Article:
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Alfred versus the Danes 897


In 897 Danish settlers from the North Sea coast of modern England came through the Channel in six longships on a Viking raid on the south coast of Wessex, the last Anglo-Saxon kingdom. They raided and looted the Isle of Wight and the situation was so bad that King Alfred ordered nine of his new longships to intercept the raiders.

The Wessex Saxon fleet, possibly commanded by the King in person, found the Vikings at an unnamed estuary, and blocked the entrance. Three of the Viking ships had been beached so their crews could plunder but the three others were on guard.

The Saxons attacked the three Danish ships on guard capturing two of then and killing all but five of the Vikings on the third. Now, as the tide ebbed, the defects of the big Saxon ships became apparent as they ran aground, three on one side of the estuary and six on the other.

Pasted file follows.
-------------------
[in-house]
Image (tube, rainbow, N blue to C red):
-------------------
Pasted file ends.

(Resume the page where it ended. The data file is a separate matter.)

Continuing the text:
The Danes assaulted the smaller group from the shore but the big vessels proved effective defences and 120 Vikings were killed for the loss of 62 Saxons. The larger crews of the English ships might well explain the scale of losses. The battered Danes returned to their longships which they were able to float off before the larger English ships and escape. But the depleted and wounded Vikings were in no condition for the voyage home. Two ships came ashore in Sussex and their crews were captured. Only one ship of this ill-fated Viking raid got back to the Danish colony in East Anglia.

Further reading:

  • N.A.M. Rodger, The Safeguard of the Sea, A Naval History of Britain 660-1649 (London 1997).